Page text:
Trips to visit the areas where these awe-inspiring displays of nature take place are now more accessible, and more precisely tailored, than ever before.

“We run small group trips which are ideal for solo travellers as they provide the chance to meet like-minded souls,” says Mr McLean. “Our oldest client so far has been 88, and it’s also noticeable that the over 50s are increasingly getting bitten by the ‘adventure experience’ bug.”

And what an adventure it can be. From Finland’s captivating snow-covered forest slopes and lakes, to the mountains of Sweden and the Norwegian fjords, each one is distinctively different, both geographically and geologically.

“Canada is amazing and Iceland is a geologist’s dream,” says Mr McLean. “I love them all, and they are all so distinctively different, but if I could go back to just one then I would probably choose Finland. And one thing is the same everywhere you go; you will always receive the warmest of welcomes, no matter which of the countries you visit. They breed truly great folk in the north!”

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Many describe seeing the northern lights as a spiritual experience, and undoubtedly it is this element that adds to the draw of the Arctic Circle’s most famous attraction. Despite our modern, scientific understanding of the lights, to stand in a magical, frozen landscape and watch the aurora dance against a pitch-black sky is a truly otherworldly thing to experience.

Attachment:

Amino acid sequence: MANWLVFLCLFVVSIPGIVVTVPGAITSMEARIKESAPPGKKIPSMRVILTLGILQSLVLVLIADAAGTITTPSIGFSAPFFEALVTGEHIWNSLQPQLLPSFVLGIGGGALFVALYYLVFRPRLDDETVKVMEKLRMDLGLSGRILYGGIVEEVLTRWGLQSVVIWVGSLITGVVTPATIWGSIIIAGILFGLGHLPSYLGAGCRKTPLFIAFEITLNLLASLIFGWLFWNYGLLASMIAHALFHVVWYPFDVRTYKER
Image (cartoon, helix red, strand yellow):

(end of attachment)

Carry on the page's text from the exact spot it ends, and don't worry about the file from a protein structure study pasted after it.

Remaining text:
“At these moments I always find myself wondering what our less scientifically informed forefathers thought of the aurora borealis,” says Mr McLean. “Once you have seen the lights in this environment you can understand why so many myths and legends have arisen throughout time to try and explain this phenomenon.”

NOT AN EXACT SCIENCE